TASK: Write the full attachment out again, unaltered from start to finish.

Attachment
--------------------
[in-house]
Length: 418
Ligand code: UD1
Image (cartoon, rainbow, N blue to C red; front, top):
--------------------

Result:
[in-house]
Length: 418
Ligand code: UD1
Image (cartoon, rainbow, N blue to C red; front, top):